Neil Wilkinson 

Photo By Neil Wilkinson

The picture of myself cutting the cake was my 21st birthday, we were in Cyprus, that's the only bit I remember of the day, the rest is a blur due to excessive amount of beer I drunk!! haha.

That's when I had hair too..


I think one of the most heart breaking sights for me, was sitting in my gun watching HMS Antelope explode!  That then brought it all home to us and it was a very tearful moment, watching one of your own ships explode, when hours earlier it had sailed past us. 

We lost many ships and many good men, but so did they too. War is not just about two or three nations going on a battle field and killing each other, people seem to forget the aftermath and the people who have lost loved ones, the younger generation (although taught it in schools) don't fully appreciate what the armed forces of the world achieve.



   An Invitation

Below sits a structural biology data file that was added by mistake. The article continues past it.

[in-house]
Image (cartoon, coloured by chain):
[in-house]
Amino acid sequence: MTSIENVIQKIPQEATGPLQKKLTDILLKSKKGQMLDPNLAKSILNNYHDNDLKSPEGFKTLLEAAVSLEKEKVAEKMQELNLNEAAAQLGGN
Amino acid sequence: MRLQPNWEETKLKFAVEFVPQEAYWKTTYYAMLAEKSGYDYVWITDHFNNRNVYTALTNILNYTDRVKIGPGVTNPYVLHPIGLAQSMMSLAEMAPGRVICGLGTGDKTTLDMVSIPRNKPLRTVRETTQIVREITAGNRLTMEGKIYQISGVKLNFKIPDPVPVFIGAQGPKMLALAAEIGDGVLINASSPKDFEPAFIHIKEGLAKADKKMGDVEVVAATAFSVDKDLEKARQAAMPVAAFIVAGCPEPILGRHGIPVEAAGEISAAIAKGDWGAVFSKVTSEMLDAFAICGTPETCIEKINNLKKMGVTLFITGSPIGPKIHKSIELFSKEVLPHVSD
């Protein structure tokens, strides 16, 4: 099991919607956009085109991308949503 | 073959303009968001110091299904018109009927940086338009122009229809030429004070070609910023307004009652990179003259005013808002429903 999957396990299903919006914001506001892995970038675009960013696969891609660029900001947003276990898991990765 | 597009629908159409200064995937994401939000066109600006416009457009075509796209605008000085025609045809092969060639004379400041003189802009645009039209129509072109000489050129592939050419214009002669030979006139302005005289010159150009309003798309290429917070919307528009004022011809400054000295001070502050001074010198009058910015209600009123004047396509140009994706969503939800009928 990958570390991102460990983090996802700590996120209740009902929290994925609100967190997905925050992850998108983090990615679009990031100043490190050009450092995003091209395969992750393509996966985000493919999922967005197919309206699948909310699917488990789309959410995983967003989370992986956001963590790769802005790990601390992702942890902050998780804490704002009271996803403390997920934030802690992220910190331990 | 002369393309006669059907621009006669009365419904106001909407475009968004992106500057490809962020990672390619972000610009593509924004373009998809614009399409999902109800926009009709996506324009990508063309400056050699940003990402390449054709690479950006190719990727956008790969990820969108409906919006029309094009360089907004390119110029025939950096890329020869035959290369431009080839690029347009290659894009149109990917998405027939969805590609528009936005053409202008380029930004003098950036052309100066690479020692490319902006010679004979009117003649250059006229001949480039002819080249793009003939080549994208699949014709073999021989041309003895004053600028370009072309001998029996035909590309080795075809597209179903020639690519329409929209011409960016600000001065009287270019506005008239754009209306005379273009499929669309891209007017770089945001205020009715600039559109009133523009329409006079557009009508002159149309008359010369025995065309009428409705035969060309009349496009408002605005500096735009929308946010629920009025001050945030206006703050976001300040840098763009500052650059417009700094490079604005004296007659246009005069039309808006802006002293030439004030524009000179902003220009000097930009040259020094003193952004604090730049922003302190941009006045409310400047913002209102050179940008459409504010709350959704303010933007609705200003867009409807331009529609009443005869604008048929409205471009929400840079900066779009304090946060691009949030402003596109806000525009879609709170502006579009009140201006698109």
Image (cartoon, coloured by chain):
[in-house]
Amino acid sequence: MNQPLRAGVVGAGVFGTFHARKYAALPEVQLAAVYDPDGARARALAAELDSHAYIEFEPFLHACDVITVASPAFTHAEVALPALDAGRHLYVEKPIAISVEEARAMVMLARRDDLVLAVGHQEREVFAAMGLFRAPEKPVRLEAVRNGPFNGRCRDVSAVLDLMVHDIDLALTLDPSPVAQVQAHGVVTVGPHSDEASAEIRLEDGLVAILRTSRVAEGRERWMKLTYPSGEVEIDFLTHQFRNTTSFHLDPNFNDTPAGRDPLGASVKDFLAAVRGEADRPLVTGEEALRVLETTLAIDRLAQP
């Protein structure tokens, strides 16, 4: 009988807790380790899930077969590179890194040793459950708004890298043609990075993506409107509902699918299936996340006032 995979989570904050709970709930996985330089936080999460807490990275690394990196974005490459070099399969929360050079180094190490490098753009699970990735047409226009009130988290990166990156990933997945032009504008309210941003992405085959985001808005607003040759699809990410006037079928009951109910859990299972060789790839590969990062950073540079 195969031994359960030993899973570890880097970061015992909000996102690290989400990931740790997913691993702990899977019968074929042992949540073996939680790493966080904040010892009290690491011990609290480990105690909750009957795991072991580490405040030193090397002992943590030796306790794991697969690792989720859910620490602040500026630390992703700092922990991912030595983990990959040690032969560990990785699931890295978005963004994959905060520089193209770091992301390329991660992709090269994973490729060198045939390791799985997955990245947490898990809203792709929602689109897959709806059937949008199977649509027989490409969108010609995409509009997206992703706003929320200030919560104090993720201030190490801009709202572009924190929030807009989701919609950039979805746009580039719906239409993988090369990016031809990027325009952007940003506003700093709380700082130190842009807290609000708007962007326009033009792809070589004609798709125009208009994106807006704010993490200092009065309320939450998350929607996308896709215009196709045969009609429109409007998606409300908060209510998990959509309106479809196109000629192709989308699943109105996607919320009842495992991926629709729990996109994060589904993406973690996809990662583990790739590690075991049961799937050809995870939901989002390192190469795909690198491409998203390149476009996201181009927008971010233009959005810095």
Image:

If you were a Veteran of the Falklands - Malvinas War, from either England or Argentina, I would like to hear your story and see your pictures. Please send them to the Webmaster. Thank you very much 


HMS Antelope Going Down
   HMS Antelope 

Photo from Neil Wilkinson


  HMS Intrepid 


HMS Intrepid Leaving Portsmouth
  HMS Intrepid 

Photo By Neil Wilkinson

The HMS Intrepid was classified as a LPD (Landing Platform Dock)
The Intrepid was around 12,500 tons when fully loaded with troops and tanks

On the night of 19th May 1982, this was to be a very sad evening indeed onboard HMS Intrepid. That night I was on watch on the bridge, it wasn't a particularly nice night weather wise, but it never was in the South Atlantic, the waves were massive and the ships ploughed into the swell. The Intrepid was sailing southwards and we were cross decking troops from the Hermes. It is thought that while crossdecking a Seeking helicopter from Hermes hit an Albatross, causing the helo to ditch into the dark waters of the South Atlantic. All attempts were made to try and recover/rescue any survivors from the helo, sadly we lost 18 SAS men that night, 22 men in total, 9 survivors were miraculously pulled out of the icy water. I remember I was stood on the bridge wing, we had spot lights trained on the water searching for anything. It was indeed a very sad night.